ATLANTA — The Georgia Supreme Court has ruled families can now sue sperm banks if companies lie about their donor backgrounds.
One of the donor’s offspring is Alex Norman, who is now an adult.
For much his life, he grew up hearing his biological father was essentially perfect on paper, which included having a high-IQ, multiple college degrees and no history of medical problems.
His mothers, Wendy and Janet, purchased the donor’s sperm from the Xytex Corporation more than 18 years ago. According to their original lawsuit, the company claimed ‘Donor 9623’ was one of its “best” sperm donors.
A few years ago, Alex and his family learned the sperm donor used to bring him to life fabricated his entire background.
"You kind of have this daunting realization, like oh my God, I’ve been lied to,” Norman said.
Not only did ‘Donor 9623’ not have a college degree, he was previously diagnosed bi-polar with schizo-effective disorder, a condition that can be hereditary.
"It was like a daunting realization kind of because of course because the very first parts of it you don’t want to jump into believing,” Norman said in a FaceTime interview from his home in Peachtree City.
The family’s lawsuit alleges Xytex allowed the donor to give sperm for more than a decade, leading to at least 36 children.
► READ | The full lawsuit against Xytex
Norman’s mothers sued Xytex for misrepresenting the donor, but were told they couldn’t seek monetary damages. That’s because previous court rulings identified similar claims as ‘wrongful births’ and plaintiffs can’t sue sperm banks for failing to notify parents about potential birth defects.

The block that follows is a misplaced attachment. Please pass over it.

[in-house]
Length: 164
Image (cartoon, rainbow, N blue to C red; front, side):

The family appealed to the Georgia Supreme Court. During oral arguments this past February, the judges seemed stunned the Norman’s were unable to sue Xytex.
“Just to be clear, what you’re asserting, a sperm bank can completely misrepresent everything about the sperm itself and charge whatever amount of money based on those representations and completely lie to every customer it has and nobody can do a thing about it?” Justice David Nahmias asked.
While the family waited for the court’s opinion, Alex’s mom, Wendy, was cautiously optimistic.
“It’s 2020. Nothing goes well. So, I was setting up myself and Alex for the worst,” Wendy explained.
Last week, the court released its opinion on the case, ruling families can sue sperm banks for consumer fraud if they lie about their donors.
"It feels good because finally you see that Xytex is going to be held accountable for their actions when they kinda have been immune to that for years and years,” Norman said.
The ruling now allows families to sue for at least punitive damage, something Alex plans to pursue.
The Reveal reached out to the attorneys representing Xytex to get a response to the ruling.
"This case was dismissed at the motion to dismiss phase, so the court had no choice but to rely on the unproven allegations made by the plaintiffs, regardless of whether they could be supported by any actual evidence. If this case does move forward, Xytex is confident in the actual evidence that exists to refute the allegations," attorney Ted Lavender replied.
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